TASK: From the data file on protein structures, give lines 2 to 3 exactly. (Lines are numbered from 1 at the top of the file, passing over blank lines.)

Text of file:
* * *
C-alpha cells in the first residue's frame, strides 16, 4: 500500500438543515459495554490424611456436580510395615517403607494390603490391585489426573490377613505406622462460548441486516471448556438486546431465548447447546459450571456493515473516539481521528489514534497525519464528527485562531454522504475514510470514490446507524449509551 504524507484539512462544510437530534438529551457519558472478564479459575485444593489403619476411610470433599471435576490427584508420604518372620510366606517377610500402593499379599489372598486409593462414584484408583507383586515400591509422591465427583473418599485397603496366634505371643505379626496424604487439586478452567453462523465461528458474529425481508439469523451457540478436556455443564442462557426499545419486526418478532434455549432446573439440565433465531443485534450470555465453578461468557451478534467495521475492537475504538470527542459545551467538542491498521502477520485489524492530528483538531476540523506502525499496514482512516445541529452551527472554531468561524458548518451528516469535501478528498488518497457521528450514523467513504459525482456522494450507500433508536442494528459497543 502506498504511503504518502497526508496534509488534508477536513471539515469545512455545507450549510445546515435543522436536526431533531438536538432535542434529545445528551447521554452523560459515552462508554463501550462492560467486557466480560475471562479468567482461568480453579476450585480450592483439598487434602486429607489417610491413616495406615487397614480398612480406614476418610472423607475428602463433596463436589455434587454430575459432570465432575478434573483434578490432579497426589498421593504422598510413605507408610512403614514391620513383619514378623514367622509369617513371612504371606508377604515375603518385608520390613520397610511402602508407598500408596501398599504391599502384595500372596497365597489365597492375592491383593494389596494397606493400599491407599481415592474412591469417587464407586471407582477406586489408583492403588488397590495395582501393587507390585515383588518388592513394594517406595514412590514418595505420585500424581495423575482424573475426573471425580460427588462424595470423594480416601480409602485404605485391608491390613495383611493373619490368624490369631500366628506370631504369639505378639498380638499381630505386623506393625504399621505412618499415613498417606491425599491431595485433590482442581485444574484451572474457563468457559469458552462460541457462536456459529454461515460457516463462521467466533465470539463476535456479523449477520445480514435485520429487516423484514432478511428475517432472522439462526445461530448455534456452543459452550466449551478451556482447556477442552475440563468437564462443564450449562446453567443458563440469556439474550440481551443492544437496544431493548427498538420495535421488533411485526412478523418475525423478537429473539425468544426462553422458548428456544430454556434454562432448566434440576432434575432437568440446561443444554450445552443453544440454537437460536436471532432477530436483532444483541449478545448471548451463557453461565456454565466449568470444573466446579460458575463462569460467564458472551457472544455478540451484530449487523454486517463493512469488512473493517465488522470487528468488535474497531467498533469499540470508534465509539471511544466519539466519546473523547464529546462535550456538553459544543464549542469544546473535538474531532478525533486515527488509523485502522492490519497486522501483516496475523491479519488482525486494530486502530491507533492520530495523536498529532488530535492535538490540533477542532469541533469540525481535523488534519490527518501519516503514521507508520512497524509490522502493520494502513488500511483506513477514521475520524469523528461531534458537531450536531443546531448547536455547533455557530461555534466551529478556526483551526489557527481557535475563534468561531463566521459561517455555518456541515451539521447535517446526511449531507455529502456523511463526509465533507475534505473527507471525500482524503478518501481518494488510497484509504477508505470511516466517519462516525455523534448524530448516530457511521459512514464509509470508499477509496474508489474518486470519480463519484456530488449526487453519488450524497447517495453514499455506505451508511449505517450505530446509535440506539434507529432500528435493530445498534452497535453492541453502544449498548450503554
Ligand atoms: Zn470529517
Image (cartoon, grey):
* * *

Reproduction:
Ligand atoms: Zn470529517
Image (cartoon, grey):